Many countries have halted administering the AstraZeneca vaccine due to concerns over blood clots. This week European Medicines Agency declared they found no evidence the AstraZeneca vaccine increases the risk of blood clots. The executive director of the European Medicines Agency, Emer Cooke, said, “Its benefits in protecting people from COVID-19, with the associated risks of death and hospitalization outweigh the possible risks. The committee also concluded that the vaccine is not associated with an increase in the overall risk of thromboembolic events or blood clots.” Following the review, Health Canada also announced that AstraZeneca vaccine benefits outweigh risks.
More than 15 European countries paused the use of AstraZeneca pending the EMA review. France, Germany, and Italy stated they would continue injections from Friday. Canadian provinces began administering 500,000 doses of the AstraZeneca vaccine last week.
Health Canada says AstraZeneca Benefits Outweigh Risks
Late Thursday, Health Canada confirmed that the benefits of the vaccine outweigh the risks. They encouraged people to get the immunization with authorized vaccines. According to Health Canada, the AstraZeneca vaccine does not cause the risk for increased blood clots. Health Canada has not found a link to the AstraZeneca vaccine and a stroke that one individual developed following vaccination in Canada. However, Health Canada has not decided yet if they will add a warning label to the vaccine.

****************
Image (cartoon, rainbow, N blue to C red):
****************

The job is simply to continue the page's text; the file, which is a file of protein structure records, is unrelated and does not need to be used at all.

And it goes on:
European Medicines Agency said there is no evidence yet to determine whether the vaccine played any role in developing rare blood clots in the brains of 18 patients who received the shots.
The chair of the agency’s Pharmacovigilance and Risk Assessment Committee, Dr. Sabine Straus, said, “The evidence we have is, at the moment, not sufficient to conclude with certainty whether these adverse events are indeed caused by the vaccine or not.”
The U.K. Medicines and Healthcare Products Regulatory Agency also said the vaccine is safe and effective. However, they continue to study its speculated linkage to forming blood clots for more evidence.